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Nexavar gets EU go-ahead in advanced kidney cancer

Published on 27/07/06 at 12:38pm

Bayer has received the green light from European regulators for Nexavar to treat the most common type of kidney cancer - advanced renal cell carcinoma.

Last December, Nexavar became the first drug for 10 years to receive US approval for the disease in patients who have failed prior interferon-alpha or interleukin-2 based therapy or are unsuitable for such treatment.

Nexavar (sorafenib) is an oral multi-kinase inhibitor and the first of a new generation of cancer treatments that inhibit the flow of blood to kidney tumours  killing off cells in difficult-to-treat renal cancers.

Current kidney cancer treatments are minimally effective with low toleration levels and, currently, there is no chemotherapy drug available which works well against the disease.

Dr Gunnar Riemann, head of Bayer HealthCare Pharmaceuticals Division, said: "This (EC) approval of Nexavar  which has shown to double progression-free survival  is a significant advance in the fight against kidney cancer."

He added: "For more than a decade, Europeans with kidney cancer have not had a new approved treatment. We are pleased to play a part in addressing this unmet need."

More than 200,000 people worldwide are diagnosed with kidney cancer each year and more than half of these will die from the disease.

In Europe, it is estimated there are more than 46,000 new cases each year  and in one third of cases, the cancer has already spread to other parts of the body at the time of diagnosis.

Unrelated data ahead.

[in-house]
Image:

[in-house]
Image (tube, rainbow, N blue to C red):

Bayer co-developed Nexavar with California-based Onyx Pharmaceuticals and the companies will co-promote the treatment in the US, while Bayer has exclusive marketing rights in all other countries except Japan.

US analysts predict peak-year sales of 500 million euros for Nexavar - but Bayer believes this sum could increase to one billion euros if the drug can gain a licence to treat lung cancer. Phase III trials for this indication are currently under way.

Nexavar is competing against Pfizer's Sudent (sunitinib), a similar drug that was approved by the FDA in January for advanced kidney cancer and gastrointestinal stromal tumours.

European approval for Sutent is expected soon, after experts at the CHMP recommended it be licensed in April this year.

Bayer is likely to argue that Nexavar boasts a superior safety profile to Pfizer's drug, with side effects limited mainly to blistering and rashes. In comparison, trial results show that Sudent registered a higher rate of side-effects, including hypertension, fatigue and diarrhoea.

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